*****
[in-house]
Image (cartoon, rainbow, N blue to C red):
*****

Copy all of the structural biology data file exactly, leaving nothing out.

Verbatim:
[in-house]
Image (cartoon, rainbow, N blue to C red):